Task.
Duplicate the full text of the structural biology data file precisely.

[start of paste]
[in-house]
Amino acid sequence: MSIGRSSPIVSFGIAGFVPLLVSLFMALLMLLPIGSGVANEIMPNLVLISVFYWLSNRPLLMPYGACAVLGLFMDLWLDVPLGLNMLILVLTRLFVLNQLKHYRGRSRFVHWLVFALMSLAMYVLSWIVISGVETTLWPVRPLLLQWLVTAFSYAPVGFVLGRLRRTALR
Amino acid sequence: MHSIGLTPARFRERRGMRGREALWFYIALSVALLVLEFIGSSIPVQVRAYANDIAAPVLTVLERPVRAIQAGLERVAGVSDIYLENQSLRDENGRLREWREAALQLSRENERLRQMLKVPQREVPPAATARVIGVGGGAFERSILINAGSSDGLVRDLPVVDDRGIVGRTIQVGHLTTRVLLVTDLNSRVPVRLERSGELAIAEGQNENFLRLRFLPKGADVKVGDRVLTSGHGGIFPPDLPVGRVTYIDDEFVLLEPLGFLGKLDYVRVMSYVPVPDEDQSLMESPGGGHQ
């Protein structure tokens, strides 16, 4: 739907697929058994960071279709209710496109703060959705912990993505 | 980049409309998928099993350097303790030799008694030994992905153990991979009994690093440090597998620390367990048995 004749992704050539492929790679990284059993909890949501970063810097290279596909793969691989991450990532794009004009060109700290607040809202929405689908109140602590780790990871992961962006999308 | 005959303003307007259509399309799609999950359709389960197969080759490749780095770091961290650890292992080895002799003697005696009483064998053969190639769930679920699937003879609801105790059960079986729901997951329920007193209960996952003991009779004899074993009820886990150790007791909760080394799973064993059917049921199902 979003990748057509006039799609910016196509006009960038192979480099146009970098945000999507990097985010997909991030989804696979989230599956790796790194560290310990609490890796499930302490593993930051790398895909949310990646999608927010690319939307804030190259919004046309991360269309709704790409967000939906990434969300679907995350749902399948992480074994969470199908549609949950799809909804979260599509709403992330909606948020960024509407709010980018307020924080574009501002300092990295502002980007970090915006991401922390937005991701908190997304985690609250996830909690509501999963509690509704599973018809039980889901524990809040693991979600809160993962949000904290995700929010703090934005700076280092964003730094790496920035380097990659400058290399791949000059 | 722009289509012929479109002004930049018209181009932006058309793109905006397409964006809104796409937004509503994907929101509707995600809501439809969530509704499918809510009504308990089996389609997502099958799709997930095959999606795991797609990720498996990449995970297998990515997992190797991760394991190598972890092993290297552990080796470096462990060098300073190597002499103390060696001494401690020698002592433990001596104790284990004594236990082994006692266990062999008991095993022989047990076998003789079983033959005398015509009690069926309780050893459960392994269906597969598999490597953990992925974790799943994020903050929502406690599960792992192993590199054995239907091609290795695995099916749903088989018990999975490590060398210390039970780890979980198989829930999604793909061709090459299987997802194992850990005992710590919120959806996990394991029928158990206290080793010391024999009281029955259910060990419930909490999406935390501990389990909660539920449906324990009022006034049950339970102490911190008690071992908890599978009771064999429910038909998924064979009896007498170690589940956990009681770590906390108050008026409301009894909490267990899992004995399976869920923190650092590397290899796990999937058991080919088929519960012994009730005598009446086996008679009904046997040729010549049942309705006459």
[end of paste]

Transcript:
[in-house]
Amino acid sequence: MSIGRSSPIVSFGIAGFVPLLVSLFMALLMLLPIGSGVANEIMPNLVLISVFYWLSNRPLLMPYGACAVLGLFMDLWLDVPLGLNMLILVLTRLFVLNQLKHYRGRSRFVHWLVFALMSLAMYVLSWIVISGVETTLWPVRPLLLQWLVTAFSYAPVGFVLGRLRRTALR
Amino acid sequence: MHSIGLTPARFRERRGMRGREALWFYIALSVALLVLEFIGSSIPVQVRAYANDIAAPVLTVLERPVRAIQAGLERVAGVSDIYLENQSLRDENGRLREWREAALQLSRENERLRQMLKVPQREVPPAATARVIGVGGGAFERSILINAGSSDGLVRDLPVVDDRGIVGRTIQVGHLTTRVLLVTDLNSRVPVRLERSGELAIAEGQNENFLRLRFLPKGADVKVGDRVLTSGHGGIFPPDLPVGRVTYIDDEFVLLEPLGFLGKLDYVRVMSYVPVPDEDQSLMESPGGGHQ
């Protein structure tokens, strides 16, 4: 739907697929058994960071279709209710496109703060959705912990993505 | 980049409309998928099993350097303790030799008694030994992905153990991979009994690093440090597998620390367990048995 004749992704050539492929790679990284059993909890949501970063810097290279596909793969691989991450990532794009004009060109700290607040809202929405689908109140602590780790990871992961962006999308 | 005959303003307007259509399309799609999950359709389960197969080759490749780095770091961290650890292992080895002799003697005696009483064998053969190639769930679920699937003879609801105790059960079986729901997951329920007193209960996952003991009779004899074993009820886990150790007791909760080394799973064993059917049921199902 979003990748057509006039799609910016196509006009960038192979480099146009970098945000999507990097985010997909991030989804696979989230599956790796790194560290310990609490890796499930302490593993930051790398895909949310990646999608927010690319939307804030190259919004046309991360269309709704790409967000939906990434969300679907995350749902399948992480074994969470199908549609949950799809909804979260599509709403992330909606948020960024509407709010980018307020924080574009501002300092990295502002980007970090915006991401922390937005991701908190997304985690609250996830909690509501999963509690509704599973018809039980889901524990809040693991979600809160993962949000904290995700929010703090934005700076280092964003730094790496920035380097990659400058290399791949000059 | 722009289509012929479109002004930049018209181009932006058309793109905006397409964006809104796409937004509503994907929101509707995600809501439809969530509704499918809510009504308990089996389609997502099958799709997930095959999606795991797609990720498996990449995970297998990515997992190797991760394991190598972890092993290297552990080796470096462990060098300073190597002499103390060696001494401690020698002592433990001596104790284990004594236990082994006692266990062999008991095993022989047990076998003789079983033959005398015509009690069926309780050893459960392994269906597969598999490597953990992925974790799943994020903050929502406690599960792992192993590199054995239907091609290795695995099916749903088989018990999975490590060398210390039970780890979980198989829930999604793909061709090459299987997802194992850990005992710590919120959806996990394991029928158990206290080793010391024999009281029955259910060990419930909490999406935390501990389990909660539920449906324990009022006034049950339970102490911190008690071992908890599978009771064999429910038909998924064979009896007498170690589940956990009681770590906390108050008026409301009894909490267990899992004995399976869920923190650092590397290899796990999937058991080919088929519960012994009730005598009446086996008679009904046997040729010549049942309705006459």